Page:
Larsen, Lars Erik1; Breum, Solvej Østergaard8; Trebbien, Ramona1; Bradstad, K.11; Nielsen, L. P.11; Chriél, Mariann1; Jensen, Trine Hammer1; Hjulsager, Charlotte Kristiane1; Handberg, Kurt1; Jørgensen, Poul Henrik1; Harslund, Jakob le Fèvre1; Rangstrup-Christensen, Lena1; Petersen, B.10; Hammer, Anne Sofie1
1 National Veterinary Institute, Technical University of Denmark2 Section for Virology, National Veterinary Institute, Technical University of Denmark3 Section for Public sector service and commercial diagnostics, National Veterinary Institute, Technical University of Denmark4 Division of Veterinary Diagnostics and Research, National Veterinary Institute, Technical University of Denmark5 Virology, Division of Veterinary Diagnostics and Research, National Veterinary Institute, Technical University of Denmark6 Division of Poultry, Fish and Fur Animals, National Veterinary Institute, Technical University of Denmark7 Section of Fur Animal Diseases and Wildlife, Division of Poultry, Fish and Fur Animals, National Veterinary Institute, Technical University of Denmark8 National Food Institute, Technical University of Denmark9 Statens Serum Institut10 Holstebro Veterinary Clinic11 Statens Serum Institut
Influenza in mink (Neovison vison) is assumed to be rare, but several outbreaks have been described during recent years in Europe and the North America. In 2009, influenza A of the subtype H3N2 was detected in several Danish mink farms with respiratory symptoms. Full-genome sequencing showed that the virus was a human/swine reassortant, with the H and N gene most related to human H3N2 viruses circulating in 2005. The remaining 6 genes were most closely related to H1N2 influenza viruses circulating in Danish swine. This virus had not previously been described in swine, mink or humans. PCRs assays specifically targeting the new reassortant were developed and used to screen influenza positive samples from humans and swine in Denmark with negative results. Thus, there was no evidence that this virus had spread to humans or was circulating in Danish pigs. In 2010 and 2011, influenza virus was again diagnosed in diseased mink in a few farms. The genetic typing showed that the virus was similar to the pandemic H1N1 virus circulating in humans and swine. The H3N2 virus was not detected in 2010 and 2011. Taken together, these findings indicate that mink is highly susceptible for influenza A virus of human and swine origin and may therefore act as a potential host/reservoir for influenza A viruses.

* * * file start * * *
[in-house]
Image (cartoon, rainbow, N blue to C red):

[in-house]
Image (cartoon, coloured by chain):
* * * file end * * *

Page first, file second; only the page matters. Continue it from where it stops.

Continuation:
Proceedings of the Xth International Scientific Congress in Fur Animal Production: Scientifur Volume 36 (3/4), 2012, p. 153-156
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10th International Scientific Congress in fur animal production (IFASA 2012)